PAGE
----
BEIJING, Feb. 2 (Xinhua) -- Researchers from the Chinese Academy of Agricultural Sciences (CAAS) recently mapped the geographic distribution of soybean nutritional compositions in China.
Researchers believe that the study, which was published in the journal Food Research International, provides scientific evidence for guiding the construction of high-quality soybean production bases in China.
According to Han Tianfu, a researcher at the Institute of Crop Sciences of the CAAS, as one of the major food crops, soybean is grown across a broad ecological region in China, with considerable variations in environmental conditions, and diverse seed compositions of soybeans in the different regions.
However, the geographical distribution patterns of soybean quality in China had been unclear for a long time, due to the lack of large-scale sampling and multi-trait analysis data from actual production, Han said.
To clarify the spatial patterns of soybean seed compositions, researchers collected 1,792 soybean samples from a vast range of soybean planting areas across 29 provincial-level regions in China, spanning the period from 2010 to 2017.
Through quantifying and analyzing the crude oil, protein, and 11 categories of functional components of the samples, researchers unveiled a visual geographical distribution map of different nutrients in soybeans.
According to Han, from north to south across China, the map presented a clear increasing trend in contents of crude protein and dietary fiber, and a decreasing trend in contents of crude oil, phospholipids, saponins, and carotenoids.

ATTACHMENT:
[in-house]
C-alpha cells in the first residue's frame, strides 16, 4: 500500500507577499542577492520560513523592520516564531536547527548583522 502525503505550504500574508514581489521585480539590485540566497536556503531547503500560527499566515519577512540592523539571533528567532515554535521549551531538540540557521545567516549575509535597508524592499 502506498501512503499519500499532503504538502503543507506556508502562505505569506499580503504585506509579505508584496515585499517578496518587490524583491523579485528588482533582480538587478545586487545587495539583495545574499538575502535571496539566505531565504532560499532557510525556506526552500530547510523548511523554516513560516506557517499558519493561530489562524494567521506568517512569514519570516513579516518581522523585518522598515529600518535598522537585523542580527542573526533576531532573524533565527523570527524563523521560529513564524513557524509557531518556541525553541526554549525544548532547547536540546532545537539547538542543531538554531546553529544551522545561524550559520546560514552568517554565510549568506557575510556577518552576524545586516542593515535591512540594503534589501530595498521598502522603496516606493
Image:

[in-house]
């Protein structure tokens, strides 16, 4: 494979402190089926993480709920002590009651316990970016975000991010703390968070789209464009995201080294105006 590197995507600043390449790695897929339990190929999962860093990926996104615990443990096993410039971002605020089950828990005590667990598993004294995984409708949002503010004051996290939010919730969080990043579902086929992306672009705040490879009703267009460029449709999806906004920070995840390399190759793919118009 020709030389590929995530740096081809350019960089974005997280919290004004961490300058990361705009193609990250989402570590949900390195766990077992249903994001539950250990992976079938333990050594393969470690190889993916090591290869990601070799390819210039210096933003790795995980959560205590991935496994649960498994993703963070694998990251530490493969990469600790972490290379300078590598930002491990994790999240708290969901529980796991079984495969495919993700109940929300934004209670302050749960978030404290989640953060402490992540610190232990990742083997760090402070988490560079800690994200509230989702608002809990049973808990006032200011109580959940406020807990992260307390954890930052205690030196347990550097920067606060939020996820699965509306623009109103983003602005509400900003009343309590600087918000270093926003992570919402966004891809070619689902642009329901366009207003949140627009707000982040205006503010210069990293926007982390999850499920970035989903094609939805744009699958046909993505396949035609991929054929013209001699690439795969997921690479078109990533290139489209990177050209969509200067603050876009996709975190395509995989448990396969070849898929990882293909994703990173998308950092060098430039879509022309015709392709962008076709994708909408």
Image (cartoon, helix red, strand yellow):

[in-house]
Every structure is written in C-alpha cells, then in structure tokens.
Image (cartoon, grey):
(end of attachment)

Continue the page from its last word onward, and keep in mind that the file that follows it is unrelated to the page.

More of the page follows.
In addition, soybeans with a high-level of total oligosaccharide were concentrated in the central region.
Based on the nutrients distribution map, weather conditions, and cultivation systems, researchers divided the soybean production areas in China into three regions and 10 sub-regions. They then proposed a regionalization scheme of soybean seed quality for guiding high-quality edible soybean production.
According to Han, the northern part of China's northeast region has a unique advantage in developing functional edible soybeans, and it is advisable to focus on the production of edible soybean raw materials such as soy milk, tofu and bean sprouts in this region.
Meanwhile, the central and southern parts of the northeast region are suitable areas for high-oil, high-yield soybeans, and it is advisable to establish a concentrated production area for high-oil soybeans to enhance China's self-sufficiency in soybeans for oil.
As to the southern part of the Huang-Huai-Hai region, the soybeans there have high protein content and the area can be used as a raw material base for protein processing, the researcher added.